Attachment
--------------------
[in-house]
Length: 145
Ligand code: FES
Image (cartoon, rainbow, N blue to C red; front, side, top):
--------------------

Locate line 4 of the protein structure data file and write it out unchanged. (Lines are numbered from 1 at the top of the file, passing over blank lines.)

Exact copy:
Image (cartoon, rainbow, N blue to C red; front, side, top):